Store your resources in your very own folder.

Sign in or sign up today!

Find out more

Conversation Poems Part 2

Add to My Folder
This item has 1 stars of a maximum 5

Rated 1/5 from 1 rating (Write a review)

By Kevin McCann — freelance writer and former teacher

Three more interactive poetry writing frames. ‘The Martians’, is based around the idea that Mars was once capable of supporting life. ‘Why are you so late?’ centres around creating imaginative excuses for being late for school. ‘In our house’, is based on the idea that, in families, people say one thing but mean another.


Shared learning and teaching

Level 1 – The Martians

  • Ask the children what they know about Mars. Look up information on the planet in books or on the internet. Collect words to describe the planet to use in the poem.
  • The frame uses simile and metaphor. Some preliminary oral or board work may be useful. Begin with a sentence (eg, The rain on the windows sounded like…) then ask for alternative endings. The endings can be as weird as you like but must work. For example: The rain on the windows sounded like claws scratching works, while: The rain on the windows sounded like a trumpet doesn’t!
  • The frame asks the children to imagine Mars as an inhabited planet. Point out that some of the latest photographic evidence suggests there may have been rivers and seas there in the past, and that if there was water it’s possible there was life. Explain that the children have to imagine they have seen Martians and are answering questions about them. Emphasise that there are no wrong answers, only possibly dull ones.
  • Scroll down and run through the whole frame structure before beginning to type in ideas.

Previous learning

It would be helpful if children have seen examples of rhyming and free verse conversation poems – eg, Michael Rosen’s ‘Mum’ll be coming home today’ in Literacy Time PLUS for Ages 9 to 11 March 2008.


Familiarise yourself with the frames before using them. If possible, use the frames to write three poems of your own in advance.

Level 2 – Why are you so late?

  • This level explores ‘tall tales’. Little preliminary work is needed, other than to talk about reasons people are late for school. Introduce the notion of more imaginative excuses.
  • The frame asks the children to devise a series of increasingly strange reasons why someone is late for school. The final line is the teacher’s voice, seeing through all the excuses. Explain that the excuses can be unrelated or can progress to produce a narrative.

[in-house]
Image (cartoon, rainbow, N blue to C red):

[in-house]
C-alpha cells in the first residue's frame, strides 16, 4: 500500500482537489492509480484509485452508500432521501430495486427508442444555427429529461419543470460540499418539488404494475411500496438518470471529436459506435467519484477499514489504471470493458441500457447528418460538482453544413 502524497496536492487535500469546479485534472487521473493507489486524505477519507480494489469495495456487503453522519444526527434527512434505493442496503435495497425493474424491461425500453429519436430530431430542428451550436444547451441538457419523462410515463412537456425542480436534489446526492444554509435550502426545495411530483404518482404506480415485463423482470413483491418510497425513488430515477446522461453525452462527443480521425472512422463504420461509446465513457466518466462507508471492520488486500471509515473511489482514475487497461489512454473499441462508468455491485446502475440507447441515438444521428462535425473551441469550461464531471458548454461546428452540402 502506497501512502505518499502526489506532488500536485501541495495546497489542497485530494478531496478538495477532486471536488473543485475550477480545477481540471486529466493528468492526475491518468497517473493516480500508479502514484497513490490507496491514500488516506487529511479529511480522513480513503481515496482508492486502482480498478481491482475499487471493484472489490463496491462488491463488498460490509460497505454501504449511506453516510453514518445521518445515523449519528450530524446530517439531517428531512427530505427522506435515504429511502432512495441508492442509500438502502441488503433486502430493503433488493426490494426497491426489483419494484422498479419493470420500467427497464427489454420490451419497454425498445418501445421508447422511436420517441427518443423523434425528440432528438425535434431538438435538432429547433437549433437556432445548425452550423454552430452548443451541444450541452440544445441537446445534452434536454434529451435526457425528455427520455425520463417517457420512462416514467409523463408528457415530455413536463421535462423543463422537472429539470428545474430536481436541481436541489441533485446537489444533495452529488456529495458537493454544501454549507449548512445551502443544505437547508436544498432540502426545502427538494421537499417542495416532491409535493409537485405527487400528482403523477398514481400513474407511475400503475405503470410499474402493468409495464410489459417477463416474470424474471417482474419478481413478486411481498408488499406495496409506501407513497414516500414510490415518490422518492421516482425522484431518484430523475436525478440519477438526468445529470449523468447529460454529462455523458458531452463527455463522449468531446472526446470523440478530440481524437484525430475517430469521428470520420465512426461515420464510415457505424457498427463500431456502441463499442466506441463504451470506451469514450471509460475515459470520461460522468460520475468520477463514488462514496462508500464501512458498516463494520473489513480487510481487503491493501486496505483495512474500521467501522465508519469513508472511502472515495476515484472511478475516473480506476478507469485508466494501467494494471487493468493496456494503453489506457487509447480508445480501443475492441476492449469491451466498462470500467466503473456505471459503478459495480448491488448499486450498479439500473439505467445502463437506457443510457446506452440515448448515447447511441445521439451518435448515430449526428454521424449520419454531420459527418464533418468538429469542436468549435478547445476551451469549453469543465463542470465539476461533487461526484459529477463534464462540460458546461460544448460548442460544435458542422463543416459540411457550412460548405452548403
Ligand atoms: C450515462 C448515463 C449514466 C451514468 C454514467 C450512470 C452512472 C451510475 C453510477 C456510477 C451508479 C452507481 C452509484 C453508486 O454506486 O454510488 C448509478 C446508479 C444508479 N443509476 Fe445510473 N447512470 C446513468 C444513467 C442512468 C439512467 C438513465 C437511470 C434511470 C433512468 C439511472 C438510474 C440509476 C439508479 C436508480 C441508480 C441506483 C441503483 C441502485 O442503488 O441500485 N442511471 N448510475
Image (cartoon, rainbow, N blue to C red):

Level 3 – In our house

This frame appears to be the simplest of the three – but is actually the most challenging. Use the poem as a starting point for a class discussion. It provides a model for the children to follow when writing their own version. The model is straightforward and not too serious, but the structure could be used to examine more serious issues:

When he says “I hate parties!”

He really means: Wish they’d invited me.

Key learning outcomes:

To become familiar with the conversational poetry genre and to use free verse;

To explore how writers use language by creating similes and metaphors;

To adapt non-narrative forms and styles to write poems;

To use ICT to create/present poems.

Further reading

Conversation Poems, Part 1 published in Literacy Time PLUS Ages 9 to 11, March 2008.

The Works: Every kind of poem you will ever need for the Literacy Hour Paul Cookson (Macmillan, 978 03304 81045) contains a section of conversation poems.

He Said, She Said, They Said: Poetry in Conversation edited by Ann Harvey (Puffin, 978 01403 68123).

Literacy Time PLUS for Ages 7 to 9 January 2008 – On-screen resource 2, ‘Sensational Poetry’ – frames using the senses for description.

Group and independent activities

  • Create models of the Martians, labelling them with descriptive words.
  • Use the poem ‘Why are you so late?’ as a plan for a story, or adapt the poem to fit a traditional tale – eg, Red Riding Hood explaining why she is late returning from Granny’s. This could be ideal for performance, with the class reading the chorus – eg,

Storyteller: Red Riding Hood set off for Grandma’s house.

Class: Go on! Go on!

Using the activity sheets

One of the two activity sheets below offers a form of conversation poem which can be used as a model to complete the second activity sheet.


  • Share the finished poems, including your own.
  • Perform ‘In our house’ as a class:

Group 1: When Grandad says,

Group 2: Kids have it easy these days.

Group 1: He really means:

Group 3: Wish I was young again.

  • Discuss the different conversation styles featured here and in Part 1 of the resource. Which do the children like best? Why? Which was the easiest/most difficult to write? Why?



Advertise here